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Education

competion judging

At Berkshire Woodturners we invite professional woodturners to our club nights to show us the techniques, tools and processes they use to turn their work in the hope that some of their expertise will appeal to our members.

Development

competion judging

As well as the monthly demonstrations providing inspiration to our members, we encourage all our members of whatever turning standard to develop their turning skills through a regular monthly competition and bi-monthly turning workshops.

Promotion

competion judging

Berkshire Woodturners are very active in the local community delivering demonstrations at Craft Fairs and similar local events, We also hold free Taster Sessions so local non-turners can give woodturning a try without having to go to the expense of buying all of the necessary equipment.



A Brief History of Berkshire Woodturners

Below, the origins of the Berkshire Woodturners Association are described by Keith Sherwood who founded the club and is now remembered through the competition bearing his name.


Keith Sherwood's description of how Berkshire Woodturners was formed.

"After working many happy years in the film industry as a “special effects” man I decided to find employment elsewhere that had less stress. Eventually I found employment working in a tool shop in Reading. Having a reasonable knowledge of engineering and tools I seemed to slot in nicely.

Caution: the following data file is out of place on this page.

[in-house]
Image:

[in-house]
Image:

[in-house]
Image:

After working there a few weeks, my boss decided to have a wood working week with planes, band saws, bench saws and even lathes. During the week the lathe demonstrator was absent due to illness, so I was asked if I would mind taking over, I was given a couple of hours tuition and after that I was hooked.

When the week was over, I decided to buy my first lathe, which I purchased from Rob Bonner, a Coronet No. 1.

During the week two customers came in and said they had just come back from Devon where they had been on a wood turning course with Oliver Plant, it was highly recommended, so I immediately booked a 3 day course which I found to be most enjoyable.

Back at the shop I made a bee line for any customer that showed an interest in wood turning and through this I made many good friends. They started to bring into the shop projects they had made to show me, so in return I invited a few of them to my house to show them what I had made.

After a while I was getting as many as 16 people coming on a Thursday, which was my day off. A few of us decided to put some feelers out about starting a wood turning club. We went to the Mychett wood turning club 2 or 3 times to see how it was run and to get some ideas.

Danny Cleary found our first club venue, which was a convent in Finchamstead Road, Wokingham on the 28th October 1991 and had 41 attendances. Since then the club has grown and has been going for fifteen years and I hope it will continue to do so. "



Since that time the club has moved to several other venues, people have come and gone, and a lot of shavings have been cleared off the workshop floor, but the club has retained the same friendly atmosphere, welcoming and nurturing new members.


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